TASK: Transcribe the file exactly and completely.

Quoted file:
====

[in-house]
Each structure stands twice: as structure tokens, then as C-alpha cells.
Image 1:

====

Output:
[in-house]
Each structure stands twice: as structure tokens, then as C-alpha cells.
Image 1: